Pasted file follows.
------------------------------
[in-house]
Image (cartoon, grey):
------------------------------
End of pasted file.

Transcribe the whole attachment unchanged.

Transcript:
[in-house]
Image (cartoon, grey):